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Enjoying the pursuit of perfection

By Zhang Zhihao | China Daily | Updated: 2019-02-11 09:56


Xue holds his certificate after winning first prize in the State Natural Science Award. [Photo provided to China Daily]

Xue Qikun, vice-president of Tsinghua University and winner of first prize in the State Natural Science Award


As a physicist, it is always a great joy to cross fresh frontiers and offer new directions for research. My scientific accomplishments have made me very proud and I am highly respected, but what makes me most happy is tutoring many excellent students.

In 1999, I returned to China after studying in Japan for eight years. Since then, I have trained more than 20 postdoctoral fellows and 72 doctoral students, many of whom are now professors. I am happy to know they are passing on my research philosophies and traditions when teaching their students.

I am not a good speaker, sadly. My oral English used to be terrible and my heavy accent certainly did not help.

However, in 1996 I was invited to give a 20-minute speech at one of the biggest physics meetings in the United States.

It was a huge challenge for me. So I got a room, and practiced my speech more than 80 times, not just to perfect my pronunciation, but also to practice my hand gestures and interaction with the audience.

The speech was a success, and many physicists I admire came to congratulate me. It was a huge moment for a young fellow like me who comes from humble origins. The feeling was like drinking a glass of cool water on a hot day - so satisfying.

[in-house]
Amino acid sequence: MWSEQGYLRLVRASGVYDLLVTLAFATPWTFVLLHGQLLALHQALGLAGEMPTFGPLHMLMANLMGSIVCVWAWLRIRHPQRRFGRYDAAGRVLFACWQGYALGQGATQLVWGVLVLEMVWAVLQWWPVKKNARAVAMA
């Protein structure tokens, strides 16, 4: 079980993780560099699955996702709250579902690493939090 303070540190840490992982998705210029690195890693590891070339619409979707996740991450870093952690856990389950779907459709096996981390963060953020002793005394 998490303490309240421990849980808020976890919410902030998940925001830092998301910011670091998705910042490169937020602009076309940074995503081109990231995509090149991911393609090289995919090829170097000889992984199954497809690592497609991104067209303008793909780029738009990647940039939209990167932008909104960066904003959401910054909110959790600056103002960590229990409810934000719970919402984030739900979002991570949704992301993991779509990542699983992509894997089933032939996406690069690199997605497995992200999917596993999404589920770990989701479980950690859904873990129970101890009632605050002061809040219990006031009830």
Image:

The incident gave me the mental fortitude to pursue perfection in the face of challenges and a willingness to enjoy the rigorous process.

After all, no one's journey to success is smooth sailing. I took my graduate school entrance exam three times. I also took seven years to complete my doctorate, whereas nowadays my students typically take five.

I am a professor at one of China's leading universities, and my job is to train top talent. I once had a very talented student, but his written English was terrible. Almost every sentence in his scientific papers had errors.

Then again, if students could write a perfect paper at the first attempt, they wouldn't need professors. I asked him to correct his paper 10 times, each time focusing on one aspect of writing, such as grammar or sentence structure.

This pursuit of a perfectionist mentality eventually helped him to overcome his shortcomings in English, and now he is a professor at a top university in China. It is my duty as a teacher to nurture my students to become scientists who can tirelessly pursue perfection.

Xue Qikun spoke with Zhang Zhihao.

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